Arbitration is "designed to provide an expeditious and inexpensive method of resolving disputes with the further winning attribute of helping ease congested court calendars. . ." Allstate Insurance Co. v. Fioravanti, 451 Pa. 108, 116, 299 A.2d 585, 589 (1973). Consequently, judicial review of an arbitration award is severely circumscribed. It must be so; otherwise, "`arbitration proceedings, instead of being a quick and easy mode of obtaining justice, would be merely an unnecessary step in the course of litigation, causing delay and expense, but settling nothing finally.'" Allstate Insurance Co. v. Fioravanti, supra, 451 Pa. at 114 n. 4, 299 A.2d at 589 n. 4 quoting Westinghouse Air Brake Co. Appeal, 166 Pa.Super. 91, 97, 70 A.2d 681, 684 (1950).

Thus, under the common law, the award of arbitrators will not be reversed even for a mistake of law. Gallagher v. Educator & Executive Insurers, 252 Pa.Super. 414, 381 A.2d 986 (1977). See also 42 Pa.C.S.A. § 7314(a)(2).

*261 In the case presently before us, it may appear at first glance that the trial court erred in vacating the arbitration award because the arbitrators had, at most, made an error of law in determining that the Workmen's Compensation Act does not bar appellant's claim for uninsured motorist benefits. However, an exception to the narrow scope of review employed in common law arbitration cases has been recognized. First, in United Services Automobile Association Appeal, 227 Pa.Super. 508, 323 A.2d 737 (1974), this Court was presented with a claim that a provision of the uninsured motorist clause contained in an insurance policy was repugnant to the Uninsured Motorist Coverage Act, 40 P.S. § 2000.[4] We held that the trial court had properly reviewed and vacated the arbitrators' award. After a review of a series of cases in which this Court or the Pennsylvania Supreme Court had reviewed the awards of arbitrators, we acknowledged the following rule of law:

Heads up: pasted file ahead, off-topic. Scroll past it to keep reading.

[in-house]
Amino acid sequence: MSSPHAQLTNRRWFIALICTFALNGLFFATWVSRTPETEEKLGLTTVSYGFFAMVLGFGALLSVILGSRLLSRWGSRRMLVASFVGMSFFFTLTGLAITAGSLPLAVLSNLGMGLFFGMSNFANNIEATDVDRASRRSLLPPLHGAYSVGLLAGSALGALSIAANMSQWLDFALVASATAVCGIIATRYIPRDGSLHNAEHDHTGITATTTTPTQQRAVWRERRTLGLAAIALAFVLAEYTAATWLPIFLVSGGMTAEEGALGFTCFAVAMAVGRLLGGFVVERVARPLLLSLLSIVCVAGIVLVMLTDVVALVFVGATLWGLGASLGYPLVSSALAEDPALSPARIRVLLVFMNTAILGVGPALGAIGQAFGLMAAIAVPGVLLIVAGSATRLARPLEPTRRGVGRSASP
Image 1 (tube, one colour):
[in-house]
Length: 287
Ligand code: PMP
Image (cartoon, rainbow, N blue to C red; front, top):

Thus the rule, to which all of the cases conform, is that where the application or construction of the uninsured motorist clause is at issue the dispute is within the exclusive jurisdiction of the arbitrators; the courts will take jurisdiction only where the claimant attacks a particular provision of the clause itself as being contrary to a constitutional, legislative, or administrative mandate, or against public policy, or unconscionable.